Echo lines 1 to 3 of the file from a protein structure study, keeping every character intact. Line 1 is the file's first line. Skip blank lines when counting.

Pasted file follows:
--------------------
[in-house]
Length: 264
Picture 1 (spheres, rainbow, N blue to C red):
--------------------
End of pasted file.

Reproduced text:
[in-house]
Length: 264
Picture 1 (spheres, rainbow, N blue to C red):